Booking tip: Not 100% certain of your travel dates? Choose a hotel that offers a flexible cancellation policy on Booking.com – click here for more accommodation options and current rates in Udawalawe!
What to expect from a visit to the Elephant Transit Home
Dozens and dozens of baby elephants! Visiting this elephant sanctuary in Sri Lanka was a highlight of my trip to Udawalawe – while you tend to see many fully grown elephants in Udawalawe National Park, you don’t always see many calves unless you’re lucky enough to visit during the right season when calves are born.
Elephant Transit Home is home to 40-60 baby elephants at any given time, and being able to observe them play with one another is absolutely incredible. Most importantly, as a visitor you are able to see elephants knowing that you are not contributing to abuse and not playing a part in perpetuating constant captivity.
The viewing platform is a good 15 meters away from the elephants and the facility does not allow any visitors to touch, feed or pose for pictures next to the elephants: the hallmarks of a true elephant sanctuary. If you want to take high quality photos you will need to bring a zoom lens (150 mm and above) – that’s how far away they are!
The baby elephants are released into the feeding area in batches, and they prance towards the carers who have their milk ready for them – sometimes you can even hear their adorable little trumpets of excitement as they rush over for their grub. After feeding time, you can walk through the educational center to learn more about the Asian elephant and the threats that challenge their survival. You should expect to spend a total of 45 minutes-or-so at the Elephant Transit Home.
I can not recommend a visit to the Elephant Transit Home enough if you want to visit a genuine elephant sanctuary in Sri Lanka. If you are visiting Yala or Udawalawe National Park, there is no reason why you shouldn’t stop by for one of the feeding sessions to observe the elephants!
Headed to Sri Lanka? You might enjoy these other insider tips and guides:
- Don’t support the unethical treatment of animals in Sri Lanka. Click here for 15 things to avoid doing in Sri Lanka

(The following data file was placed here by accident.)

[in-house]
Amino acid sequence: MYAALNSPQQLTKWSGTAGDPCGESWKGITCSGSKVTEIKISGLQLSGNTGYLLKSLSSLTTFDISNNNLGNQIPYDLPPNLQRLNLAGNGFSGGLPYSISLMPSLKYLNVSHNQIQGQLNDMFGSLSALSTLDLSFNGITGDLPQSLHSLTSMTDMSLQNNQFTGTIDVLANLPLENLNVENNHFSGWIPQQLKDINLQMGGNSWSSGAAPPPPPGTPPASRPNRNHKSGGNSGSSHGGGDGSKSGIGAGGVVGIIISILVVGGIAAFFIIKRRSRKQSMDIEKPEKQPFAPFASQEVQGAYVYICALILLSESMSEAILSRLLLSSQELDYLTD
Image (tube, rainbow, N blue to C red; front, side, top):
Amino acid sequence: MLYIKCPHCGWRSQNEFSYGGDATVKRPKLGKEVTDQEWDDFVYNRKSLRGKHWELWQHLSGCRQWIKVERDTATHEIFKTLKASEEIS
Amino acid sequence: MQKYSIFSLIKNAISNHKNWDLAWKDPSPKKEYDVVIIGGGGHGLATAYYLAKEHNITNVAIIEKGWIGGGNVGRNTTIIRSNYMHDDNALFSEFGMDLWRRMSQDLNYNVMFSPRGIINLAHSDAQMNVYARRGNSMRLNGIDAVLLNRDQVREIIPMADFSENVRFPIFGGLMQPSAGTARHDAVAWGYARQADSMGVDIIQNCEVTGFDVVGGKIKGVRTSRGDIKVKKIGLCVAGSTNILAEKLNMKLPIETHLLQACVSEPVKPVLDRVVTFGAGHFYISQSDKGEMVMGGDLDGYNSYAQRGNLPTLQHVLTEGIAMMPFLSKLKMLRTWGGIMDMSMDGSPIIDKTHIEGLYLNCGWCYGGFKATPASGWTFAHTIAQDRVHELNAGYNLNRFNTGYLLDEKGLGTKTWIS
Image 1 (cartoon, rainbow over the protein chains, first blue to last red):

- Sri Lanka is one of the best places in the world to see elephants. Here is my guide on where to see elephants in Sri Lanka
- Head on over here for my ultimate guide to visiting Udawalawe National Park
- Southern Sri Lanka is one of the most beautiful places in the country. Click here for more ideas for what to do in Sri Lanka’s deep south
- Need help planning your trip to Sri Lanka? Click here for more Sri Lanka destination guides and travel tips
- Love elephants? Explore other ethical elephant orphanages, sanctuaries and national parks around the world here
You absolutely should stop by this ethical elephant orphanage in Sri Lanka! Have you been to Elephant Transit Home or Sri Lanka? What did you think? Share your experience with me in the comments section below.
Pin this for later!
This article contains affiliate links. If you choose to book using these links, I will earn a small commission at no extra cost to you. Thank you for supporting my website by using these links, I only recommend products or services that I have personally used & hotels I enjoyed visiting.
Featured video music credit: Summer – Royalty Free Music from Bensound
Enjoyed reading this article? Subscribe to the mailing list!
* Unsubscribe at any time. Your e-mail address will only ever be used to send the occasional Yoga, Wine & Travel newsletter.
Ahh we’re so going to visit this place when we’re in Sri Lanka. I hoped there would be an ethical place like this to support, but until I read your blog I did not find any. Minimum interaction, no chains, sounds good. And do they succeed in releasing them back into the wild? Thanks!
Hi Kirsten, yes they do. I’ve seen a few in Udawalawe with tracking collars (which they place to monitor their progress in the first few months). According to their stats, 103 orphans have been released into the wild. Of that number, management reports 7 animals have died.
“Likelihood of survival after release is very good. It is especially wonderful when released Transit Home orphans, who are now adults, live in wild herds with calves of their own. In 2000, two female orphans named Maththali and Sandamali were released in a small group. Both babies fully integrated with wild females and now live together in a herd. Maththali and Sandamali are doing exceptionally well. Both orphans are now mothers to two wild born calves of their own. To date, 15 released orphans have become successful mothers. A total of 16 babies have been born in the wild to these ten mothers.”
Sad that it’s necessary to exist, but beautiful to hear that so many have released successfully. Thank you!
this is really great…. I love the concept that they are preparing them to be in the wild again. I read a lot about Elephant homes where they are chained or used for tourist attractions.. saw that a lot in Thailand and it was hard to watch.
Sri Lanka has done a great job of animal conservation and protection – there IS one center here that claims to be an “orphanage” but has a pretty bad reputation. Last I heard, the government was working with that center to train the mahouts to better treat the elephants – a step in the right direction.